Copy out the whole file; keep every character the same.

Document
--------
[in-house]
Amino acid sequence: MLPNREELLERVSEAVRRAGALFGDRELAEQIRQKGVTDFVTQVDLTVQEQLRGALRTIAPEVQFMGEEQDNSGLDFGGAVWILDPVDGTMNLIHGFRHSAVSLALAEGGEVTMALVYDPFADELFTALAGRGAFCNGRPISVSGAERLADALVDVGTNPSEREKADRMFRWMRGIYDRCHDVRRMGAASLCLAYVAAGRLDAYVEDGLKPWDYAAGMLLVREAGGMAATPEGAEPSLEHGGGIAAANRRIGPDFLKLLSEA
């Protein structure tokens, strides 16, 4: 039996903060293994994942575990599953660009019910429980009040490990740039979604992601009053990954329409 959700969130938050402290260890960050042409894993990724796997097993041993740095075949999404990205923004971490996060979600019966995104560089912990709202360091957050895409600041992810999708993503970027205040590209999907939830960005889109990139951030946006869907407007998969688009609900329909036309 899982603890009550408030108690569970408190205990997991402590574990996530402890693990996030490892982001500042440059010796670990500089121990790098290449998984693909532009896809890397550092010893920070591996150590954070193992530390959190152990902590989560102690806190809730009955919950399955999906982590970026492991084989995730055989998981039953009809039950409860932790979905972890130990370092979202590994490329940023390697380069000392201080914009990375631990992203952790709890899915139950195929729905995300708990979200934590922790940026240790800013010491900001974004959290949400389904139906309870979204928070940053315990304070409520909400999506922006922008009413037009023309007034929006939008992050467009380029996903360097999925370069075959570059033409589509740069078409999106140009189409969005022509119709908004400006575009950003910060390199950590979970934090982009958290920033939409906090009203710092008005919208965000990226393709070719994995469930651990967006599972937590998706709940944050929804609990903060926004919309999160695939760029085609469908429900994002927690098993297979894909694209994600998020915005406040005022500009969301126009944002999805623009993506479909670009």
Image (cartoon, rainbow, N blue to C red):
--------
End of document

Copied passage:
[in-house]
Amino acid sequence: MLPNREELLERVSEAVRRAGALFGDRELAEQIRQKGVTDFVTQVDLTVQEQLRGALRTIAPEVQFMGEEQDNSGLDFGGAVWILDPVDGTMNLIHGFRHSAVSLALAEGGEVTMALVYDPFADELFTALAGRGAFCNGRPISVSGAERLADALVDVGTNPSEREKADRMFRWMRGIYDRCHDVRRMGAASLCLAYVAAGRLDAYVEDGLKPWDYAAGMLLVREAGGMAATPEGAEPSLEHGGGIAAANRRIGPDFLKLLSEA
């Protein structure tokens, strides 16, 4: 039996903060293994994942575990599953660009019910429980009040490990740039979604992601009053990954329409 959700969130938050402290260890960050042409894993990724796997097993041993740095075949999404990205923004971490996060979600019966995104560089912990709202360091957050895409600041992810999708993503970027205040590209999907939830960005889109990139951030946006869907407007998969688009609900329909036309 899982603890009550408030108690569970408190205990997991402590574990996530402890693990996030490892982001500042440059010796670990500089121990790098290449998984693909532009896809890397550092010893920070591996150590954070193992530390959190152990902590989560102690806190809730009955919950399955999906982590970026492991084989995730055989998981039953009809039950409860932790979905972890130990370092979202590994490329940023390697380069000392201080914009990375631990992203952790709890899915139950195929729905995300708990979200934590922790940026240790800013010491900001974004959290949400389904139906309870979204928070940053315990304070409520909400999506922006922008009413037009023309007034929006939008992050467009380029996903360097999925370069075959570059033409589509740069078409999106140009189409969005022509119709908004400006575009950003910060390199950590979970934090982009958290920033939409906090009203710092008005919208965000990226393709070719994995469930651990967006599972937590998706709940944050929804609990903060926004919309999160695939760029085609469908429900994002927690098993297979894909694209994600998020915005406040005022500009969301126009944002999805623009993506479909670009």
Image (cartoon, rainbow, N blue to C red):